But the impulse to make something out of the old blue-and-white box in the pantry struck me unexpectedly, the other evening. Just as I put the pot of salted water on to boil, the phone rang.
The pot sat neglected, water boiling, as my stepmother told me of my father’s latest missteps.
“I could see it coming,” she said, defeat and resignation punctuating her words.
It had been more than six months since I had received a similar phone call, at sunrise the morning after my dad had been taken to jail for a DUI. Similar crisis-management mode. Similar facades of sad indifference. But like any other crisis, the incident forced action – and out of that, a plan: Detox in jail. Rehab in Denver. Counseling back home. And throughout, hopelessness warily blossomed into something lighter; a narcissus cautiously reaching out of the frozen soil towards the light.
For those six months, I became acquainted with someone I had never known: My father, sober.
He had peered through the lens of his fancy camera, clicking photos of my kids during a trip here this Christmas. Snapshots of two little girls I had promised wouldn’t become acquainted with alcoholism, because to know it is to be hurt by it. I needed to protect them from the disease’s devious distortions, I had told him. They need shelter from the bewildering ways it changes the people we love into people we cannot trust, the ways it warps their pictures into unrecognizable things.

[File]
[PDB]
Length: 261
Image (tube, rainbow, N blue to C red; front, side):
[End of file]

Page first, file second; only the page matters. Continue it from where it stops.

He took his granddaughters’ photos, seeing them through sobriety’s clarifying lens, understanding the consequences that existed in the dark places lurking beyond his viewfinder.
But despite the clarity at Christmas, despite the sober promises at rehab, my father’s alcoholism remained, festering like a cancerous tumor. It hid away in those dark places, gathering strength, plotting a comeback, unconcerned with the consequences.
The signs, my stepmother said, had been there. The missing bottles of wine. The excuses for skipping his meetings. Those things we find too prickly to touch, too uncomfortable to acknowledge. So we pretend we don’t recognize them. But then the half-drunk bottle of vodka taunts us from beside my father’s armchair.
Hope withers easily, a spring flower smothered beneath the crush of wet snow
Merely a bump on the rocky road to recovery? A slight detour? Or a full-blown U-turn? I can’t know, and it’s maddening. Is recovery a linear path? Step one, step two…or does it meander like a river, rushing in on itself in the torrent, but eventually continuing on in the right direction?
“I don’t like it,” Elle had said, sliding the viscous mound away from her towards the center of the dinner table.
“Yeah, we’ve never really had grits before, have we?” Craig commented, pushing them around on his plate.
My dad always made grits. And they were good, when he made them. But I don’t know how to make them. They don’t come out right. I wanted to tell them about my dad’s grits, how he used to make them for me, that they were good. Grandpa Jerry is good at making grits, I wanted to say.
But I didn’t say anything. I threw the old blue-and-white box away, even though it was still half-full.
Contact Martinique Davis at firstname.lastname@example.org